Reflections on Monetarism by Professor Tim Congdon
© 1992 – Edward Elgar Publishing
This collection of articles and papers was first published in 1992. Its objective was to add insights to the analysis of British economic policy in a particularly interesting period. Between the mid-1970s and late 1980s the main theme of British macroeconomic management was the attempt to establish an efficient framework of monetary control. For much of the period this framework was provided by a target for the growth of the money supply (broadly defined, to include bank deposits). The rational was simple: if excessive monetary growth caused inflation, targeted reductions in the rate of monetary growth would stop it.
The ideas behind the policy framework were known as “monetarism”. Since the publication of this book, monetarism has fallen out of favour. particularly in academia. Professor Congdon has nonetheless remained convinced that controlling the money supply remains the key to stable, macroeconomic growth. A full 25 years later, the articles and papers contained in this book thus remain as relevant as ever.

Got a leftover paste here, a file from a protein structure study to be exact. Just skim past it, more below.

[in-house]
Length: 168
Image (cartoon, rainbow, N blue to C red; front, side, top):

This book is available as a pdf which can be accessed here or else you can access the publisher’s website and download all or part of the book by clicking on the image on the left.
Keynes, the Keynesians and Monetarism by Professor Tim Congdon
© 2007 – Edward Elgar Publishing
This book follows on from “Reflections on Monetarism” (See above) and is a series of essays relating to the debate between monetarists and Keynesians, including the reputation of Keynes himself and how the two schools of thought have quarrelled about his legacy.
The debate between the two schools originated in the 1950s in the USA with the publications of a number of influential academic papers arguing that the quantity of money played an important role in the determination of national income. In the 1970s and 1980s, monetarist economists occupied highly influential positions in the UK and US governments, but in spite of the vindication of their position by the economic history in the early 1980s in particular, the debate is still far from over, especially given the dominance of Keynesianism in many UK universities – and indeed, in sections of the media.
This book can be downloaded in pdf format chapter by chapter from the publisher’s website by clicking here.